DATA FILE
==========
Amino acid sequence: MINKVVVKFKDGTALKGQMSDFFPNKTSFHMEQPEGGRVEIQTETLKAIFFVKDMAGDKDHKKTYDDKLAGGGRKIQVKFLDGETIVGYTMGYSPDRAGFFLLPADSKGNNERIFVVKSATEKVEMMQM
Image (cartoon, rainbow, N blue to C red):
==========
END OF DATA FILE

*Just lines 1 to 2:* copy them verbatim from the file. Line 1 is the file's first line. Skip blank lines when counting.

Amino acid sequence: MINKVVVKFKDGTALKGQMSDFFPNKTSFHMEQPEGGRVEIQTETLKAIFFVKDMAGDKDHKKTYDDKLAGGGRKIQVKFLDGETIVGYTMGYSPDRAGFFLLPADSKGNNERIFVVKSATEKVEMMQM
Image (cartoon, rainbow, N blue to C red):